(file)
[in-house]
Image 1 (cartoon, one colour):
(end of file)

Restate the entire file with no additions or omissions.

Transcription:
[in-house]
Image 1 (cartoon, one colour):